Crowds of an estimated 10 million people took part in a gigantic procession in Manila, Philippines, to honour 17th century black statue of Jesus Christ. The icon, referred to as The Black Nazarene, is thought to have healing powers and is able to grant miracles and can cure ailments and provide good health and fortune.

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Devotees occupy Jones bridge as they take part in the annual procession of the Black Nazarene in ManilaRomeo Ranoco/Reuters

The wooden statue of Christ, crowned with thorns, is believed to have been brought from Mexico to Manila on a galleon in 1606 by Spanish missionaries. The ship that carried it caught fire, but the charred statue survived and was named the Black Nazarene. Some believe the statue's survival from fires, earthquakes and even intense bombings during World War II is a testament to its mystical powers.

The statue paraded in the streets is no longer the original, as parts of the statue are being preserved.

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Devotees parade the black statue of Jesus Christ during the annual Black Nazarene Catholic religious feast in ManilaErik De Castro/Reuters
Black Nazarene
Devotees occupy Jones bridge as they take part in the annual procession of the Black Nazarene in ManilaRomeo Ranoco/Reuters

Dressed in red and yellow shirts, the barefoot devotees shouted "Long live Nazarene icon" as they waved white towels in the air, during morning prayers at Rizal Park in the Filipino capital. After prayers, a five-kilometre procession followed. Cramped conditions did not stop some from scrambling to get close to the revered statue and wipe it with their towels. Many climbed over peoples heads and shoulders to catch a glimpse of the revered statue, hoping to carry away some of its healing powers.

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The carriage carrying the Black Nazarene is surrounded by devotees during the annual procession in Jones bridge, ManilaRomeo Ranoco/Reuters
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A volunteer with the fire service douses devotees with water as they take part in the annual procession of the Black Nazarene in ManilaCzar Dancel/Reuters

The procession is expected to last more than 20 hours as it slowly snakes its way around Manila's main avenues and narrow streets before ending in the Minor Basilica of the Black Nazarene. One devotee attributed his family's success to the Black Nazarene during an interview with Reuters: "This is my penitence because He has given me so much. The Lord solved all the problems that came our way ever since I started attending the Feast of the Black Nazarene 16 years ago," said Roilo Damiucon, a 72-year-old devotee.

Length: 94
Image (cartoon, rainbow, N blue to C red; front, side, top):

The procession has been celebrated for more than 200 years in Manila, where roughly 80 percent of the population is Roman Catholic. The statue paraded in the streets is no longer the original, which has been damaged and is now preserved in the Minor Basilica of the Black Nazarene.

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A man kisses the statue of the Black Nazarene during the annual religious procession in ManilaTed Aljibe/AFP
Black Nazarene
Thousands of people carry the statue of the Black Nazarene during the annual religious procession in ManilaTed Aljibe/AFP
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A girl hugs a replica of the black statue of Jesus Christ during the annual Black Nazarene Catholic religious procession in ManilaErik De Castro/Reuters
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People hold on to a rope that pulls the carriage carrying the statue of the Black Nazarene during its annual procession in ManilaEzra Acayan/Reuters
Black Nazarene
Devotees carry a woman who fainted while taking part in the annual procession of the Black Nazarene in ManilaEzra Acayan/Reuters
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People push children's pushchairs with replicas of the statue of the Black Nazarene (and a child) during the annual religious procession in ManilaTed Aljibe/AFP